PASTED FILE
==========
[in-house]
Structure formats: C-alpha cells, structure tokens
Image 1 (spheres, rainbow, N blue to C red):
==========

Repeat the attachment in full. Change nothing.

[in-house]
Structure formats: C-alpha cells, structure tokens
Image 1 (spheres, rainbow, N blue to C red):